Comments Policy

*swearing is fine, but name-calling will only be tolerated if it genuinely helps you make a point or if it makes me laugh. Arbitrary, eh?

*racism, homophobia etc. will not be tolerated. Period.

*if you disagree with something I write, tell me so and be specific. If you disagree with the entire premise of the site and everything I write, go bother someone else. The internet is too big to read sites that you hate.

*I encourage all comments that are respectful and intelligent, but anything that doesn’t add substance to the discussion will be promptly removed.  If you want to argue with vegans, go to YouTube where that kind of idiocy reigns supreme.

*I encourage thoughtful criticism of my posts.  Really, I do. But if you’re coming here to parrot some anti-speciesism dogma that I’ve undoubtedly heard hundreds of times, you should consider whether that would be a good use of your time and mine.

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One Response to Comments Policy

  1. I posted this at LetThemEatMeat, but I’ll post it here incase you don’t read it there.

    One possible framing might be to highlight veganism as a “positive”
    philosophy. Grassroots omnivorism is sparked by things like peak oil
    and distrust of industry (pollution/additives/greed). Taking away oil
    (energy) to combat nature’s tendencies makes traditional omnivorism a
    much more practical philosophy to hold. Distrust in society is
    perfectly rational in todays’ climate. In terms of food security,
    maintaining purity of food/water supply, and being financially just,
    omnivorism is a desirable framework.

    On the other hand veganism might be hopeful on future energy
    technologies like solar. Instead of being strongly influenced by
    tendencies (overwhelming physical energy) of nature we can help “fight
    back” through the use of energy technologies. Trust in society allows
    people to invest in veganic social programs/culture without overwhelming
    fear from insecurity. A perfect example is bear behaviour. Normally they are immensely territorial, but when the salmon run hits bears will all be at the same river to feast. Territorialism drops and they all make peace because food is abundant.Veganism is hopeful, perhaps even naive. But ask all those entrepreneurs who went out on a limb to try and manifest a hazy dream. In this framework omni/veg isn’t so much about philosophy. It can be seen as a rational (or irrational) framework based upon the person’s worldview, information exposed to, general trust/distrust of other people, assessment of resources, future energy sources,and feasability of successfully creating a future practical framework with all of these independent actors.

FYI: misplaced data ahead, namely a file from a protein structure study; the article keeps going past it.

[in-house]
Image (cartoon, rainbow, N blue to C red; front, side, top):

So instead of arguing at a philosophical level, or at “higher/lower consciousness”, and “The Secret” bullshit about how omni’s aren’t enlightened, perhaps arguing if the “hopeful” philosophy of veganism is completely naive or realistic. The arguments would be on data like practicality of solar energy. Makes it a lot less personal, yet still argues for veganism just as strongly.

    For ex, a pro-vegan argument would be the rise of co-ops, which is moving away from independent single-shopper consumer units towards one where the consumers consciously work towards the benefit of the group. This creates security and trust (a critical necessity for any joint long-term project, yes?). Omnivorism might be argued for by citing examples where “knowledgable” ecologists wreaked environmental disaster by foolishly manipulating the food web. Instead of arguing for “naive idealism” hubris (a certain level of distrust/skepticism too) is one of the best philosophies to possess. It’s not about “right or wrong”, or “belief/disbelief” in some cosmological ethical proof. It’s in large part the human social psyche, and how that relates to security of life. If ur best friend of 40 years raped you you would develop some severe trust issues, right??? Nobody could tell you that ur trust issues are “silly”. Although an extreme example it clearly demonstrates how emotions related to social humans affects practical actions involving human-human trust and security.

    From my limited and very biased view, this type of framework might be an effective route to explore veganism.

    Any thoughts?

    If this makes sense to you and you see it as a desirable line-of-thought to explore I’d love to invest time in exploring it if you would.

holler!

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